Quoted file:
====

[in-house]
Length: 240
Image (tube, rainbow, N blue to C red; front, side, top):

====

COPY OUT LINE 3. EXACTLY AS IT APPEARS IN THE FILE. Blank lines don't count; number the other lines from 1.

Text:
Image (tube, rainbow, N blue to C red; front, side, top):